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Unformatted text preview: Kelly Guinan SOC 110 Final Exam Paper December 17, 2007 Dear Keith, I am writing this letter to you because I think that it will provoke many interesting thoughts concerning our relationship in our personal private sphere and the public sphere we will both be thrust into when we graduate college. I have read the book “The Grasinski Girls” and in doing so was introduced to many concepts that affect us in our daily life. This book deals with a generation of Polish American sisters, and shows the lives of each in detail, concerning the choices they made with the choices they were given. They are about the age of our grandparents, and this book shows that the lives they lead were heavily constrained by the social structures present during key points in their lives. You and I are nearly in the same position in the social structure, being twins, yet our lives may be vastly different for the sole reason that you are a white male and therefore born into the dominant culture. I will explain this to you in detail along with the other concepts I have learned, and I will tell you about it as Mary Erdmans’ (the author) has done. Our social structure is a salient, invisible force that invisibly operates around us. In the case of the Grasinski girls, it constrained them from entering into the public sphere, that is, entering into a career with a high education and forming an identity through their occupation. Rather, they had few choices given to them from their social location: they could choose to be mothers, nuns, or accept singlehood. In the words of Erdmans, “Their choices and gender identities were constrained by class position, shaped by religious expectations, supported by ethnic culture, and privelaged by racial standing, but their lives were not determined.” This means that their class offered them their opportunities, though limited, their deep religious beliefs and connection with God offered entry into the convent, their ethnicity and culture supported their decisions, their whiteness gave them what is known as white privelage, but they could still choose which path to take and which path not to take, and their lives were there for not determined. The choice of singlehood was difficult because it meant assuming a male autonomous role, which went against the social norm. Really, this life choice was only held by Gene Grasinski, and it was not her choice per se. She did not desire singleood, but never found a suitable husband. A job for her was not a successful entrance into the public sphere, but more of a necessity for survival. Grasinski girls mostly made their choices to become the wives of what would hopefully be successful men, or to be the brides of Christ. The choice to become a nun was powerful because it was a way for the girls to gain a higher education, yet it was still a gender role. Though they were unlike...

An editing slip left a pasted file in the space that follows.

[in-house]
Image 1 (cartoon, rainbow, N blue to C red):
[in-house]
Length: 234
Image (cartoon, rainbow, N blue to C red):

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This note was uploaded on 03/30/2008 for the course SOC 110 taught by Professor Black during the Spring '08 term at Hartford.
- Spring '08